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Suggest a rig to replace Yaesu FT-857D for EMCOMM


W3TDH
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  • Elmer


ELMER

If you were selecting a new radio for use in a transportable station focused on EMCOMM which one would you choose. My personal favorite to date has been the Yaesu FT-857D because it is "DC to Daylight:" that is that it  will work any amateur band between 160 Meters and 70 Centimeters with the exception of the 1.25 Meter band. Even though I always used a dual band VHF and UHF mobile rig with it the redundancy seemed valuable to me and I did end up using it for that a couple of times. I found the separable control head useful to reduce operating table clutter. My choice for a transportable table has been a 30" by 30" plastic table with folding legs so I didn't want to have to fit every thing on the desk top. I suppose if I use a rack case instead of the well padded shipping case that might not be an issue.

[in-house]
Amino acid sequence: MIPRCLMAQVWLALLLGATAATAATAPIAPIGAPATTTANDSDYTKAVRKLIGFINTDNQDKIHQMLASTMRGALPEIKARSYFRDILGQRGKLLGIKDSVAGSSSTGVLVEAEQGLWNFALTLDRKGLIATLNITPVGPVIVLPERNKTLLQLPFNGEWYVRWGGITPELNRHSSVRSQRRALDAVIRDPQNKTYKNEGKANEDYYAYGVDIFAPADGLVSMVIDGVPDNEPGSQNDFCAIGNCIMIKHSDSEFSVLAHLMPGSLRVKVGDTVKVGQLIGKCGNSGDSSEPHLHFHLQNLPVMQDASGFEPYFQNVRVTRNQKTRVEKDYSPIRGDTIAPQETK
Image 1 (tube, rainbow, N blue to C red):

One new consideration is that I would like to be able to do near continuous duty digital modes, such as VERA & PACTOR at 100 watts. I think that will require some sort of medium power amplifier to combine with the radio so that both would be running at ~1/3rd of their nominal maximum output power but don't get too hung up on that.

There no longer seems to be any "All Band" transceiver rated 100 watts at near the weight and size of the Yaesu FT-857D. The ICOM 7100 is a little larger and heavier. It cannot be configures as a single unit. The controller cannot be mounted flat on a transportable stations front panel. But so far it is the only comparable I have identified. I have used the  ICOM 7100 for hospital nets because it is what the commercial radio installers chose for the hospital's radio station. I'm not allergic to it in any sense so don't  think I'm ruling it out.